This article shows us the two faces of anti-civic education; one that is individualized and based on character and the other being institutionalized and based on environment. At the individual or personal level there are health practitioners without the slightest feeling for their patients or work ethics-they are late to work but early to leave most often for the pubs or bars; they lack commitment and hardwork; they are rude to both hierarchy and patients; they dress indecently, harass both staff and patients sexually, and like we just read about the mortuary attendants in Kenya after the Westgate Shopping mall terrorist attack they can steal or mutilate corpses for any amount of money.
But this same excerpt has one honest health practitioner with a conscience, one who still lives by the ethos of the Hippocratic Oath. This excerpt also provides us with a glimpse of institutionalized anti-civic behavior with the hospital environment serving as a garbage centre, with overflowing litter bins where they do exist, with no running taps and the result is that the patient leaves the hospital sicker than when he/she was admitted. Individualized and institutionalized anti-civic patterns in this excerpt could be extended metaphors of any other hospital or public space where human beings interact. And so the single health professional who lives with his/her conscience like the one which we just got from the article is the kind we see doing medical outreach programmes, door-to door vaccination, mobile van sensitization against health hazards, health campaigns through the media, yes he/she could be alone but one person on the side of truth, honesty, conviction and dedication constitutes a qualitative majority. My friends you have made a right choice entering into this vocation. Otherwise how can one explain that this school opened its doors in 1998 with an enrolment of 19 students and fifteen years later we have 431 students enrolling today?
Without prejudice to other professions, the health domain like the teaching profession stands tall with government making quite some efforts in creating proximity healthcare service. And because the health profession stands tall, it is conspicuous for criticism and scrutiny. So when you shall go out for internship or when you would have completed your course, I trust you shall not emulate those who have transformed the health profession into a mortuary of conscience for they are only there for greener pastures. Rather, I exhort you to emulate those who have transformed this profession into a maternity of conscience for like the colour of your dresses they are there for whiter pastures. As it is traditional of your impending career, health professionals are often interested in what people die of but society shall be interested in what you lived for.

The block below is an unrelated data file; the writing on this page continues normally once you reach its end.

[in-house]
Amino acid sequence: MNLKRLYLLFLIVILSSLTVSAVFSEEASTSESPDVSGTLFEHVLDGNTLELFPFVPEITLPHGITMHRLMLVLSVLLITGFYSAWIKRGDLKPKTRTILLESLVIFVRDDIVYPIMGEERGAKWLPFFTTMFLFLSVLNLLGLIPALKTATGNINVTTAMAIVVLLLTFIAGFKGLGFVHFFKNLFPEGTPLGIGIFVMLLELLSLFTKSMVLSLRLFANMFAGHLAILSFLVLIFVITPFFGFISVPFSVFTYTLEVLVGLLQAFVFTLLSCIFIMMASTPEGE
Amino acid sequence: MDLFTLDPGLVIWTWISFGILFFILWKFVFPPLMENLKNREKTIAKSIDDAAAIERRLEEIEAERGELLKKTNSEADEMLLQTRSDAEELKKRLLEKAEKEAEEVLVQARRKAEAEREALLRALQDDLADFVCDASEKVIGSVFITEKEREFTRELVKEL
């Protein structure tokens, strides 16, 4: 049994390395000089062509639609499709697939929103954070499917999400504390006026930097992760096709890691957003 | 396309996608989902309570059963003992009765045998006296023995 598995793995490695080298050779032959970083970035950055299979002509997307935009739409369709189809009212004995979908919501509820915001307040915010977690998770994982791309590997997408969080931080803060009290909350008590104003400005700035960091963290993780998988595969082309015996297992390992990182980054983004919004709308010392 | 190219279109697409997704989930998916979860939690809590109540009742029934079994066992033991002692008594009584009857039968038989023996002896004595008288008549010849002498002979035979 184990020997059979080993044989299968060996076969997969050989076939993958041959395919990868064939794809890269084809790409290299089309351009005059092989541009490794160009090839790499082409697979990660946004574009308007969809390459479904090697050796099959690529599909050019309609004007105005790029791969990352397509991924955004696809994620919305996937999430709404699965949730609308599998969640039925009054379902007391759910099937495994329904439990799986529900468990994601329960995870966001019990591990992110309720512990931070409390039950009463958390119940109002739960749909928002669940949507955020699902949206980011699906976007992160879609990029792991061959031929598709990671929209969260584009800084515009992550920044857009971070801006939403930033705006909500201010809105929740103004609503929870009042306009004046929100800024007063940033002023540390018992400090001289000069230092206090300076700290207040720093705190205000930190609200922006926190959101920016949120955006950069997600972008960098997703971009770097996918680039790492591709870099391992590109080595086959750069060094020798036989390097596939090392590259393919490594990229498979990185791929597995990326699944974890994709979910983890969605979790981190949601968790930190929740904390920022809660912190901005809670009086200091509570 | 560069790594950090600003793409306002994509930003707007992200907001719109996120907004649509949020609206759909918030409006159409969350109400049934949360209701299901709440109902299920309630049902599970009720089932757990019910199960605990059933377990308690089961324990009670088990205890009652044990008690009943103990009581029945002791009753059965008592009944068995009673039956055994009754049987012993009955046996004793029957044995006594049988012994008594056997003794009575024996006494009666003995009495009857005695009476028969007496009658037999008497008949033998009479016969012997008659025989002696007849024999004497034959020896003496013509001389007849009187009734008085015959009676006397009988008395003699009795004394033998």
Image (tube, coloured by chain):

In the course of your training there shall be programs on nursing, medical sales representatives ,medical secetaries,health care management, nutrition and dietetics etc etc but you may or may not be formally taught a course on interpersonal skills. Yet interpersonal skills or maybe that is what your teachers call psychotherapy is central to both civic education and healthcare management. It involves demonstrating respect and value for others, listening and developing an understanding of others, communicating and maintaining effective yet professional social relations between the patient and the health practitioner. It involves anticipating some of the feelings that the patient is expressing and placing yourself in the situation of the patient. You see when we were growing up we knew that a person died and was buried a few hours later, then came mortuaries which were little frightful houses nestled in some hidden corner at the back of the hospital but today morgues are at the entrance of the hospital, the guy selling coffins is adjacent the hospital so by the time a patient is rushed to the hospital he/she is already having images and symbols of death looming over him/her. And when he/she meets a vicious health practitioner on duty, the patient dies before his/her death.
We must go back to our Cameroonian indigenous practice called ‘M’bangsuma’ which calls for solidarity and care; we must revive the South African philosophy called ‘ubuntu’ which calls for being each other’s keeper. Through this we shall give our healthcare system a human face. I saw on one of the walls in your hospital The Veronica’s Creed and my attention went to two of the principles: Never compromise honesty; Make money your servant not your master. My young friends, be committed to your studies the way the person who takes care of your lawn does. I am referring to King.
Let hospitals continue to recognize meritorious staff through awards and let health professionals know that people give awards but God gives Rewards. Let the wages and working conditions of the health personnel be improved on so they can channel their energies to saving lives.
Finally my young people, you have chosen the profession initiated by Florence Nightingale who was known during the Crimean war as ‘the lady with the lamp’-use her lamp to shine a light on all the malpractices that negate civic education and that hinder service delivery in healthcare, so that in the end you shall be awarded or rewarded as one who did all in his/her power to raise the standard and prestige of the high ideals of the health profession.
Congratulations and Good luck.
George Ngwane is a writer and panAfricanist.
He is the Executive Director of the civil society organisations, AFRICAphonie and he is Member of the Regional Committee for Civic Education and National Integration, South West Region